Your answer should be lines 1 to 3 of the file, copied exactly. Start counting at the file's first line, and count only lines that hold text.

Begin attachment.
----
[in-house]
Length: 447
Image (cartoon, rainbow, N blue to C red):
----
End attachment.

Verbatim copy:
[in-house]
Length: 447
Image (cartoon, rainbow, N blue to C red):